2016 - IVC Travellers In India IVC India - The Beaches
A trip to Kerala is like 3 holidays in one – first you can enjoy the captivating scenery of the hills and tea plantations in Munnar, then the serene backwaters and finally you have the chance to really relax and chill out on the beaches.
The four of us left all went to two of the more popular beaches in Kerala, deciding to travel by train to the most southern one first and make our way along the coast back to Kochi.
The first of these beaches was Kovalam. There are in fact 3 beaches in Kovalam but we stayed at the Lighthouse Beach. After all the travelling around in Munnar and the backwaters and the packing and unpacking in several hotels it was good to chill out for a while and just spend the next few days doing whatever we felt like.
Despite the Lighthouse Beach being considered very touristy with hotels and restaurants built up along the shore it still was very charming, being a very small crest shaped beach which only took about 5 mins to walk around from one tip to the other. At the southern end it was possible to walk up to the top of the lighthouse during the day and look at the adjoining beach beaches either side. The main view from the Lighthouse was one of coconut trees spreading into the distance.
Although most of us were there to mainly chill and relax there were still lots of things to do such as try out yoga lessons (the early ones at 7am were highly recommended), have ayurvedic massages and medical consultations, have clothes or shoes made (one of us had a suit made and another a pair of sandals,) or shop for souvenirs. When we were not doing any of these we were either lazing on sunbeds and swimming in the sea or booking further trips ahead, depending when each of us was flying back home.
Being the most touristy of the three beaches there were several places to eat, some better than others. Breakfast in the German Bakery, on the first floor balcony overlooking the sea was very pleasant. Drinking alcohol became an experience due to the Government having recently taken away the alcohol licences from most restaurants and bars to crack down on alcoholism (although still keeping their own licences to sell alcohol from shops apparently). It didn’t stop the restaurants from selling beer to us but the bottles amusingly had to be wrapped in newspaper and kept on the floor under the table and the beer had to be drunk not from a glass but from a large coffee cup. It wasn’t certain how this would fool any official – although it felt that the officials were actually relaxed about tourists drinking. Cocktails were served as you would expect, as they looked like soft drinks, but they were not going to win any mixotology awards. Despite that it didn’t detract from us spending every evening watching the glorious sunsets from one of the beach restaurants with a cocktail in hand.
Nightlife was relaxing – we walked along the shore front picking a restaurant to eat from. They did seem to close early though by western standards but we could always make our way back to the hotel and drink on the main hotel balcony while the lighthouse shined its beams and some of the local dogs came to life on the beach after spending all day sleeping in the sun.
Before moving onto the next beach the itinery included a day of sight-seeing in Trivandrum – the most notable attraction was the Kowdiar Palace where the last ruling Maharaja of the area had lived. Although in great need of refurbishment in places there were lots of original detail of the building to see and with a bit of imagination you could visualise the Maharaja coming out of the grand entrance to the garden and maybe taking a seat on top of an elephant waiting at the bottom of the steps. Apparently there are 150 rooms in the Palace but as it is still owned and lived in by the Royal family only a few of these rooms are on show to the public.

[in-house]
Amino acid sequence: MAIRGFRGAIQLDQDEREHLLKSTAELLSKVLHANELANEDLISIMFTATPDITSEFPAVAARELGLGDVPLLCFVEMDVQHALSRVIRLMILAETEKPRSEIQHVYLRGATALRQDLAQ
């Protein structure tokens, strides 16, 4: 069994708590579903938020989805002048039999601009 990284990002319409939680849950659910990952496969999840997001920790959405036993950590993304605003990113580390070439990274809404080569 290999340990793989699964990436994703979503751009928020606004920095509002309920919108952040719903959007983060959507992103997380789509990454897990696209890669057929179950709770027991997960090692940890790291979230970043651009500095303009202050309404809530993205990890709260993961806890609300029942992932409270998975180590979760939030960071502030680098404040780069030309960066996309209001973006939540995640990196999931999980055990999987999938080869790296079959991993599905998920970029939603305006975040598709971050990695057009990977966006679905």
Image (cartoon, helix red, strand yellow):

Next door to the Palace was the Padmanabhaswamy temple which looked spectacular but unfortunately non-Hindus were not allowed inside.
Some of us also went to one of the many Indian coffee houses where the waiters are dressed in original uniforms complete with fancy turbans. Our waiter was always very willing to stand and pose proudly while to have his photograph taken. A polite enquiry discovered that the green uniform was that of the senior waiter while the red uniform was worn by the junior waiter.
The next beach we all went to was Varkala. This was a more beautiful beach backed by a rocky cliff scattered with green foliage – about 60km north of Kovalam but still facing the Arabian Sea. The restaurants and bars were on top of the cliff out of the way which meant that you had to climb up the steps of the cliff if you wanted cool refreshments while sunbathing and then if you brought a beer from one of the non-licenced restaurants you had to promise to say you’d brought it from the market in case anyone asked.
In Varkala there was the intriguing building of the Sivagiri Mutt – a famous ashram which was at one end of the beach close to the beach’s helipad. There was also the Sarkara Temple, a famous 2,000 year old temple.
Although, there were restaurants and shops stretching much further along the cliff path than they had been at Kovalam we all stayed for our first night here at one of the beach resorts just north of Varkala. The resort had an open air restaurant in the garden not far from the cliff edge. Dining on sea food here in the tranquil evening air with the faint sound of the sea in the background felt very idyllic and was a nice change, although expensive change, in comparison to some of the more basic hotels we enjoyed staying at.